On using the equipment some of the more expensive treadmills, especially at the gym, can offer some rather complex pre-set programs at the push of a button and can even be custom designed. A treadmill running program may cover weight loss in addition to hill work, endurance and speed intervals and the display will show the number of calories burned, current speed and distance covered. Distance can usually be expressed in kilometres or miles.

When stepping onto a more sophisticated treadmill, the initial display normally asks for the required goals for the session and thereafter there are panels which go into more specifics. At first it can be quite daunting, but if in doubt, there will always be somebody available to explain the displays.

Once the machine starts there are a few other factors to consider…

  • If confidence is low when initially stepping onto the treadmill, there will usually be safety rail to hold.
  • Only increase the pace when comfortable with the current speed.
  • Try to run in the centre of the machine and not too close to the display screen as this will lessen the chances of an accident.
  • Ensure that you can still touch the controls without stretching.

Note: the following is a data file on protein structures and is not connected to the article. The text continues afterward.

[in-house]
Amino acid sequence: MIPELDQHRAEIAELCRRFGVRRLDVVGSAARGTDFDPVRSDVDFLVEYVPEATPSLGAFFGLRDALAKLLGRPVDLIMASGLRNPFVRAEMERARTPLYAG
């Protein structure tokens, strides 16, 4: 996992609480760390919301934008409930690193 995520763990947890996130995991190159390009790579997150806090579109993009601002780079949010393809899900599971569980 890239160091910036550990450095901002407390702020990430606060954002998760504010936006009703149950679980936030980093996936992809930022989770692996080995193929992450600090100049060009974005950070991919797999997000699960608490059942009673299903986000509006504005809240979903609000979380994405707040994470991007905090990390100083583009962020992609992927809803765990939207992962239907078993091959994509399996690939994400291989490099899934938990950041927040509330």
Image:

• Most gym treadmills usually allow for a few minutes of gradual warm down before the pace is reduced to a walk. Take advantage of this.
  • It may be a good idea to keep a towel on the front of the machine as gyms in particular can be warm.
  • Similarly, a bottle of water should be stored within easy reaching distance.
  • Take care when stepping off a treadmill. Many runners have claimed to have felt unsteady for the first few seconds bordering on seemingly drunk. This soon passes but holding onto a rail for this time is good advice.

One of the great advantages of treadmill running is that the pace can be adjusted to suit personal needs at any stage of the session. Many runners have complained of the boring nature of these workouts in that it is just a case of running on the spot for minute after minute. However, treadmills can be used for the more intensive interval sessions, leaving the long steady running for outdoors. Setting up a pre- defined program of 30 minutes to include substantial increases in pace in a random sequence ensures that any runner will not be able to forecast their imminent speed. Such a program would surely eliminate any thoughts of boredom.

As many advocates of treadmill running workouts have stressed, they can be tailored to suit all individual needs, and can be as mundane or exciting as required. There is the freedom to explore the range of controls available and use them to create the appropriate intensity and variation.

The only downside to using a gym treadmill is that there is charge per session or, if available, a discounted monthly rate. Similarly, a home treadmill must be purchased whereas running outside is completely free. The choice for this will depend on the anticipated personal benefits of running and whether it is preferable to run indoors or to face the uncertain external elements.